Baritone Roderick Williams was the first of the three artists featured in the new recording to agree willingly to take part in the project and learn this repertoire that was entirely new to him. At the 2010 Ludlow Weekend of English Song, Williams had already enthusiastically sung the light and rustic setting by Shaw of John Masefield’s London Town, but his newly recorded stunning performance of The Airmen, so brilliantly and dramatically supported at the piano by the accompanist throughout the recording, Iain Burnside, is guaranteed to grab the attention of many listeners for whom Shaw is an unknown voice.

Indeed it was with Iain Burnside’s help and encouragement that this recording was able to take place. He and I had worked for some years as colleagues at the Guildhall School, most specially on his research into performance practice in extending song recitals into mini-dramas, and I managed to pin him down for an hour in a coffee shop near the Guildhall early in 2010. I had brought with me copies of over sixty Shaw songs in four folders and I opened the first folder at The Airmen.

Iain’s eyes showed an instant interest and he then turned to Jack Overdue, swritten the year after The Airmen and an obvious sequel to it. From then on he was hooked. Although not specified for voice, the poem and the tessitura, somewhat higher than many of Shaw’s other songs, Jack Overdue clearly suggested soprano.

Sophie Bevan had also willingly accepted the challenge of learning new repertoire for this first recording, and her insightful interpretation of this touching poem and lyrically moving song is set to become definitive. The poem Jack Overdue is by John Pudney (1909-77), noted at the heading of the song as Flight Lieutenant RAF, and the song is dedicated to the composer’s nephew Sebastian Shaw: Flt. Lt. RAF, son of Martin’s younger brother Geoffrey. Sebastian had a distinguished wartime career in the RAF and then became a well-known actor in Shakespeare at Stratford, in dramas in London’s West End and New York’s Broadway, in film and latterly in directing and writing. One of his last roles was as Darth Vader in Star Wars.

In 1941 Martin Shaw sent his nephew a copy of the new song Jack Overdue for which he was immediately thanked in a letter from Sebastian in which he writes in September 1942:

“I am proud and flattered that it is ‘mine’, thank you for it very much. I read music very sketchily but it looks great to me... I like the words immensely and I shall have to write to Pudney to tell him. He and I ‘went back to school together’ when we went through a disciplinary course at Loughborough. There we learned to be officers and gentlemen in three weeks – a rapid transformation you’ll agree.”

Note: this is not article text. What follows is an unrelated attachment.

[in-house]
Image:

Jack Overdue tells a touching story set at the height of the worst days of the Second World War, in a base closed for the night, but where an 'ash-blonde Waaf is waiting tea' listening for news of her pilot lover Jack who is out flying over the ice ‘in the killer sea.’ Shaw sets these evocative and very contemporary words, tinged with irony and stoicism, in an insouciant and deceptively simple folk-influenced manner, throwing the words into sharp relief and only for a few seconds underlining the drama unfolding out at sea. To cap this, he forms the whole song into one long and instantly memorable strophic melody, which is a rare achievement. Like so many of Shaw’s other songs, Jack Overdue is short, direct, controlled but containing a great many inflexions and expressive moments that demand contemplation and reflection through repeated hearings.

Together with The Airmen, Jack Overdue represents the composition of contemporary music of World War Two that does not appear, to my knowledge, in any other British composer’s art songs and ranks alongside the best work of the official war artists and poets as music’s representative. These two songs should have their place in the Imperial War Museum! Bringing these songs to life again alone made the effort of research, gaining sponsorship, finding artists and recording companies and venues worth it.

Andrew Kennedy had arrived for the recording session early on May Day 2011, having flown in from performing in Boston Massachusetts only the day before. With the inspiring dedication shown by so many professional artists, Andrew was early for the recording session the next morning, and took the opportunity to take an early morning walk in the Spring sunshine through the beautiful English parkland in which the elegant Michael Tippett Centre stands near Bath, where we were invited to record all the songs. Bath Spa University had agreed to become a major sponsor of this project, and their generosity was the final act that allowed the project to proceed. Andrew’s reaction to learning Martin Shaw’s songs for the first time was very positive. He wrote to me a few weeks later: